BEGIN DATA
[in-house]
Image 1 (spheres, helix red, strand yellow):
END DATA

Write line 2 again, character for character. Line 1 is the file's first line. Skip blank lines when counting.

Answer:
Image 1 (spheres, helix red, strand yellow):